RECIHERT: The suggestion of making the film came from business leaders who had brought the plant to Dayton. They thought, "You know, this is going to be historic. A Chinese entrepreneur billionaire coming to blue-collar America and offering us jobs, this should be documented." They knew we had made The Last Truck, which they really liked. They showed it to the chairman and he agreed. He said, "Okay, let's do it." He doesn't speak any English. I really give him a lot of credit for agreeing to let us film, over almost three years, with five cameras. Things got rough. Not everybody looks good. The people he hired, things he did that didn't look good; firing executives and so forth. But, you know, he never said to us, "It's time to stop, you guys have enough, it's been a year, it's been two years." Even when the union battle got quite hot. He's kind of a maverick. He's a practicing Buddhist, and he's also a heavy duty capitalist. He wants to make profit. He's going to push people until they do. You know, it's a complicated world, and he's a complicated guy. We tried to represent that.

How much of your crew spoke Chinese?

BOGNAR: We were filming over a year when we realized we were missing a huge part of the story, because you couldn't really talk to the Chinese folks who had moved to Dayton. We started realizing we gotta find some filmmakers who are Chinese and who can come on board. Eventually we met two women who became our actual co-producers, Mijie Li and Yiqian Zhang. And they started coming to Ohio every month. Then when we went to China, they also both were there with us. They made a huge difference because they're the ones who built the relationships with all the Chinese folk.

Netflix is in 190 countries, but China isn’t one of them, yet. Do you think Fuyao wants people to be able to see it in China, particularly now that it’s got the imprimatur of the Obamas?

BOGNAR: The chairman offered to help us take it to China. What we heard is that so many things are on hold now because of new censorship laws and President Xi has got his really conservative kind of tack on this kind of stuff. We had hoped that Netflix could make some kind of deal with Tencent, as a sub-distribution type of thing to get the film in China. But, what we have been hearing is that all that's on hold, not just with documentaries, but with fiction features and everything. But if Netflix is in Hong Kong and Taiwan and throughout southeast Asian communities where there's a lot of Chinese expats all over, millions of Chinese people will see it.

REICHERT: And we're hoping that it will get invited to a film festival over there and we'll gradually get the film seen in China.

One thing the surprise of the 2016 election made clear was how little the American media really understood what was happening in the Midwest and in the kind of community you were documenting. How did that election's timing figure into this film?

BOGNAR: In the spring of 2015, our governor then, John Kasich, was the last rival to Trump for the nomination. And Kasich had helped get Fuyao to Ohio, a company where we were filming. So he had a rally in the factory that we film. A few days later, Trump had a rally at the Dayton airport where he makes fun of how to pronounce Kasich's name. And he also says things against China. We thought, "Oh, this is really interesting." There were workers in the plant who were pro-Trump and there were workers in the plant who were anti-Trump, or pro-Hillary.

REICHERT: Trump kept saying, "China is taking our jobs or stealing our jobs." Which was kind of funny, because of course here in Ohio were two thousand jobs that Chinese entrepreneurs had been responsible for. And not just in Ohio, that's true all over the south and Midwest. There are lots of Chinese-owned businesses and plants or factories and so forth. But in the editing room, we realized we were not telling a topical story. It's really about globalization, the tectonic plates that are shifting in the world, both economic and cultural, how that plays out in regular people's lives. That was the heart of our story. It wasn't tariffs, it wasn't trade wars, it wasn't the political climate.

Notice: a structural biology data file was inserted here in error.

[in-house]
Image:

One of the things Michelle Obama said to you in a video conversation Netflix released was that she liked that your film wasn't editorializing. She liked that you let the people in the movie speak for themselves.

REICHERT: They call their company Higher Ground, and I think it really is appropriate for what we made in this very divisive time. We tried to take the higher ground, to respect and listen to all the different points of view. You know, everybody has their stakes. Everybody is facing something hard. Everybody has a hard job, whether you're the owner, the manager, the Chinese worker, the American blue-collar worker. And we tried to listen to everybody, and I think they believe in that. Plus, they've both written great books, right?

BOGNAR: They know the power of story.

When was the first time you actually interacted with the Obamas themselves?

REICHERT: When we filmed that conversation in July. It was in D.C. at a restaurant. It was like a real film shoot. They had makeup people. We talked for like 45 minutes. They were wonderful. They put everybody at ease right away. Steve has learned how to imitate the president. You say what he said. He probably won't do it right now.

BOGNAR: I'm not going to do it right now.

I can already tell which one of you is more reserved, and which one of you is not.

BOGNAR: And Julia, you shouldn't advertise that, you should not advertise that. Julia's great. Because, first of all she's been interviewing people for 50 years. So, rather than we all sit down and someone says, "Roll camera, action." We are sitting down and Julia starts asking the president and the first lady, "Hey, why did you guys want to create Higher Ground?" You know? And we're off to the races. The Obamas would actually make great documentary filmmakers. Because you just want to talk to them.